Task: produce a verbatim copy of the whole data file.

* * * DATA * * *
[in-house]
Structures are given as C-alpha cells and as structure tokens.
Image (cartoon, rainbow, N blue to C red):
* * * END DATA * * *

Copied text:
[in-house]
Structures are given as C-alpha cells and as structure tokens.
Image (cartoon, rainbow, N blue to C red):